Moreover, opposition presidents have tended not to appoint strongly ideological representatives of their parties’ positions. This has made the dominant party’s influence even greater than the numbers might otherwise suggest. During the New Deal/Civil Rights era, for example, many of the Republicans’ ten Supreme Court appointments—by Eisenhower, Nixon, and Ford—turned out to be quite moderate or even liberal. Earl Warren and William Brennan were key members of the Warren Court’s liberal coalition; Harry Blackmun and John Paul Stevens were moderates who ended their careers as liberals. During the first Republican regime, several of Grover Cleveland’s appointments (Melville Fuller, Edward White, and Rufus Peckham) were from the business-friendly wing of the party. One of Woodrow Wilson’s appointments, James Clark McReynolds, turned out to be more conservative than several of his Republican colleagues.
Because judges have lifetime tenure, the partisan composition of the federal judiciary and the Supreme Court is a lagging indicator of where we are in political time. Therefore we can speak of the gap between political time and judicial time. Judicial time is the change, over time, of the partisan composition of the federal judiciary, and how it harmonizes with or fails to harmonize with the dominant political party in a regime. If judicial time lined up perfectly with political time, then the dominant party would always dominate the composition of the federal judiciary, and it would always maintain majority support on the U.S. Supreme Court. As politics got more or less polarized, we would also see a matching polarization or depolarization among federal judges. But judicial time rarely matches political time because federal judges have life tenure. So there can be a time lag or a mismatch between where we are in political time and the composition of the federal courts and the Supreme Court.
Here are two examples: When the New Deal/Civil Rights regime began in 1932, most of the federal judges and Supreme Court Justices had been appointed by Republicans, and many of them were hostile to Franklin Roosevelt’s New Deal reforms. The time lag between the ascendance of a new dominant party and control over the federal judiciary led to the famous constitutional struggle over the New Deal. It was only fully resolved after Supreme Court vacancies began to open up near the end of 1937. Within five years, Roosevelt was able to replace almost everyone on the Supreme Court and also stock the lower federal courts with judges who supported the New Deal.
The opposite effect occurred in the transition between the New Deal/Civil Rights regime and the Reagan regime. The Burger Court, which began in 1969, had begun to move the Supreme Court to the right over a decade before the end of the New Deal/Civil Rights regime. This happened because President Lyndon Baines Johnson made crucial errors in his appointments strategy. He attempted to nominate a political ally, Justice Abe Fortas, to succeed Earl Warren as Chief Justice. Fortas was soon embroiled in scandal and had to resign; this gave Richard Nixon two Supreme Court appointments to replace Fortas and Warren. Two years later, in 1971, John Marshall Harlan and Hugo Black retired, giving Nixon a third and fourth appointment. In 1975, Nixon’s successor, Gerald Ford, obtained a fifth Republican appointment following the retirement of William O. Douglas. The last Democratic president in the New Deal/Civil Rights regime, Jimmy Carter, did not get a chance to appoint anyone to the Supreme Court. The result was that Republican presidents got all of the Supreme Court appointments from 1969 to 1992, thus beginning the Court’s shift to the right earlier than the change in political regimes.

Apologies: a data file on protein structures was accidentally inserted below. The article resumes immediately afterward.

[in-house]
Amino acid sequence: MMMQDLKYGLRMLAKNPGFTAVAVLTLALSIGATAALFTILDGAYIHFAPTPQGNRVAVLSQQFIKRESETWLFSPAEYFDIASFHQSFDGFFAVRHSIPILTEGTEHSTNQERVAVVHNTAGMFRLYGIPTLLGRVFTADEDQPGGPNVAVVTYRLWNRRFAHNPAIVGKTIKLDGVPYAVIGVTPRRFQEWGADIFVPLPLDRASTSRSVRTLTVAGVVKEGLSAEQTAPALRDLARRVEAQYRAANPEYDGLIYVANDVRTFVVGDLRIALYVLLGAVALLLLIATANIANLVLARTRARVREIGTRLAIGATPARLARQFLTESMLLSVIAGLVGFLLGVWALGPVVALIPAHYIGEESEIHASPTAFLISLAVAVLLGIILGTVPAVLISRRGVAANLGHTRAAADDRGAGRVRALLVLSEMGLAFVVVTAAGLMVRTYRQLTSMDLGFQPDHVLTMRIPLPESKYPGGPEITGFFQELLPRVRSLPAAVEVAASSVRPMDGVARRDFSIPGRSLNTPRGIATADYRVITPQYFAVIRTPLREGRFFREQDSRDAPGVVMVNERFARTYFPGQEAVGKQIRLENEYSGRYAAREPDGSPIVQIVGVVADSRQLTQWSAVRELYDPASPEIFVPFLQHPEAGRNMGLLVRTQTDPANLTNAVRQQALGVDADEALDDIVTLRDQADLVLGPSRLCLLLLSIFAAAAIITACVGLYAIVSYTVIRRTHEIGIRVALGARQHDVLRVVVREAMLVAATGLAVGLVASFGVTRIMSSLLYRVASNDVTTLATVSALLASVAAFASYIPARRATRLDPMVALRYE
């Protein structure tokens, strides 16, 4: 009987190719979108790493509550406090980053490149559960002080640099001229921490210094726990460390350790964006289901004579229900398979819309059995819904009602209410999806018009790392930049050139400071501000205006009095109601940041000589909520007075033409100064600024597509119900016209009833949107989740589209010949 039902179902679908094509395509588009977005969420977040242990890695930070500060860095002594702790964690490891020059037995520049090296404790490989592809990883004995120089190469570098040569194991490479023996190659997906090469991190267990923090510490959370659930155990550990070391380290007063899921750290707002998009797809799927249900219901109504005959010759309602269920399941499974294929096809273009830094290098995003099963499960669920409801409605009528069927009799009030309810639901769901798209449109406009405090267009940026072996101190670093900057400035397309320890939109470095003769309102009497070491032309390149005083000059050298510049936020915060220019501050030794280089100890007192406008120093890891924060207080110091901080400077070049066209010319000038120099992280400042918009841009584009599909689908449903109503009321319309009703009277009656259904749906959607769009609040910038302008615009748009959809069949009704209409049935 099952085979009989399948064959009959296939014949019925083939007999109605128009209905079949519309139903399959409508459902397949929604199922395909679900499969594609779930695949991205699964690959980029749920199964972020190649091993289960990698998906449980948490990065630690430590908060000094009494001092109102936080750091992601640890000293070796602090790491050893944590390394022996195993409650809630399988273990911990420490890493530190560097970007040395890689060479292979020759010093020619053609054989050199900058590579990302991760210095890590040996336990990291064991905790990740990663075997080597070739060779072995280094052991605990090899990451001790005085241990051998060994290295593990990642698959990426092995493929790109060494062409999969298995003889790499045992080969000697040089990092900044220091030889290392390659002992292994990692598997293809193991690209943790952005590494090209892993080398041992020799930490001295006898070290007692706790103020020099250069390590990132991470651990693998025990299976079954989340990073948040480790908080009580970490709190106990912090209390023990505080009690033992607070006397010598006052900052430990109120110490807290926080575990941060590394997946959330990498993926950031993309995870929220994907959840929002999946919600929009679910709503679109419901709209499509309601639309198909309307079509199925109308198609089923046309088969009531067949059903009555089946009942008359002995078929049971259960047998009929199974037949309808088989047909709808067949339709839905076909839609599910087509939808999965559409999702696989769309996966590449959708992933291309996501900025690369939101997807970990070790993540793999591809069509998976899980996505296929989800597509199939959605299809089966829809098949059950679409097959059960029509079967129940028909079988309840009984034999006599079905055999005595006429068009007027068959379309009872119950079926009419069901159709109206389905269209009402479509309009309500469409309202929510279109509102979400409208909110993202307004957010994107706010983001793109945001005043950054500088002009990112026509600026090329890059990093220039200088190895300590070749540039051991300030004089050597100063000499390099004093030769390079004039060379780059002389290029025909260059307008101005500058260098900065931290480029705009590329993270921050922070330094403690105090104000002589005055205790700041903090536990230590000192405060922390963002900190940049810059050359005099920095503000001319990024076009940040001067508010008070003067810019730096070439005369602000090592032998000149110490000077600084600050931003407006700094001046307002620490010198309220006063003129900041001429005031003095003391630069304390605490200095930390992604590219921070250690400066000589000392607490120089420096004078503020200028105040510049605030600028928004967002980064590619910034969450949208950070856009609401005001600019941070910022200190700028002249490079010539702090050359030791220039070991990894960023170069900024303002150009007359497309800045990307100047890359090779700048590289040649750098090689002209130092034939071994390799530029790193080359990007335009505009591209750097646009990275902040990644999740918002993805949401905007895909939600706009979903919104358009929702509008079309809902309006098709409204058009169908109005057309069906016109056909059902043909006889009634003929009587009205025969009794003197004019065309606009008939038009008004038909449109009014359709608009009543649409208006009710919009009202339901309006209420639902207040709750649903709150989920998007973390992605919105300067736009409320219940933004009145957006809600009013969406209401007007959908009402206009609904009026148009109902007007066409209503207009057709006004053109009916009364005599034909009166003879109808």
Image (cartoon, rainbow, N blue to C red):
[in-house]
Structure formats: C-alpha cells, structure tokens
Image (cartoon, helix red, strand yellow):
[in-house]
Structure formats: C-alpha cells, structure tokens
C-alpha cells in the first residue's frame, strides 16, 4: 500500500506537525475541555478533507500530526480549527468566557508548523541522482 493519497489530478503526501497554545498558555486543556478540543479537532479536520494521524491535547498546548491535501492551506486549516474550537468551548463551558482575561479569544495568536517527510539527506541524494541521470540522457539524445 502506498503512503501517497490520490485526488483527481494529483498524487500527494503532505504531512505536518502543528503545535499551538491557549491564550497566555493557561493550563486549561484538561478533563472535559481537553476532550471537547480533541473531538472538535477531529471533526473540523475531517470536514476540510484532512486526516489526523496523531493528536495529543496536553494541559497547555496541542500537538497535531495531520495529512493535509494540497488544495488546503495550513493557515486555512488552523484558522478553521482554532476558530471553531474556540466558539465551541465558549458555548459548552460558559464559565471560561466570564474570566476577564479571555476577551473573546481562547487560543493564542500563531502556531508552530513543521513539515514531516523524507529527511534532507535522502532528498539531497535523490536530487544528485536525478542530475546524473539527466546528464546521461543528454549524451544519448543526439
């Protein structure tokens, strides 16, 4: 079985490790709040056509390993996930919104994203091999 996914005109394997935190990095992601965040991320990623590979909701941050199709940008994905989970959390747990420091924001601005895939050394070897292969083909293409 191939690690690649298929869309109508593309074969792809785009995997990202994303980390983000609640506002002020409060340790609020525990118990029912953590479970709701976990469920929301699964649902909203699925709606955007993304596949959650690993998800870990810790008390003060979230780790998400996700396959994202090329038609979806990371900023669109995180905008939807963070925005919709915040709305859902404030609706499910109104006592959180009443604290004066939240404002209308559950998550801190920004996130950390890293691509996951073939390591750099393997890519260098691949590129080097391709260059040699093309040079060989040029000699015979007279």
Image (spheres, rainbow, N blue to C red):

Polarization in the judiciary and polarization in electoral politics also may not line up. A key feature of the Reagan regime has been asymmetric polarization; the Republican Party became increasingly very conservative, while Democrats became a bit more liberal. Because judges are appointed for life, and there are very few Supreme Court appointments in this era, the process of polarization occurred much more slowly in the federal judiciary. Many of the earlier Republican appointees (e.g., Blackmun, Stevens, Souter) came from the moderate wing of the party. They appeared increasingly liberal as the party became more ideologically coherent and shifted increasingly to the right. George H.W. Bush’s 1990 appointment of David Souter—part of a moderate Northeastern wing of the party that was rapidly growing extinct—further delayed the Court’s polarization.
Only when John Paul Stevens retired in 2010, replaced by Elena Kagan, was the Court fully polarized. The liberal appointees were all appointed by Democrats and the conservative appointees were all appointed by Republicans. However, one of the Republican appointees, Anthony Kennedy, occasionally voted with the liberals. With Kennedy’s retirement and replacement by Brett Kavanaugh in 2018, the Supreme Court is strongly polarized like the rest of the country.
(1) Do you currently support how the courts are using their power to interpret the Constitution and strike down laws, or do you think that there should be greater judicial restraint? (This is a question about judicial restraint.)
(2) Do you think that Supreme Court Justices are deciding cases according to the Constitution and the law, or do you think that they are just making things up and imposing their own political preferences under the guise of following the law? (This is a question about the proper methods of judicial reasoning.)
(3) Do you think that it is important for the Court to uphold constitutional principles in order to check overreaching by the political branches, or do you think that the courts have become elitist and undemocratic, and that they should stop interfering with democratic decision-making and let the political branches do their jobs and represent the people? (This is a question about majority rule.)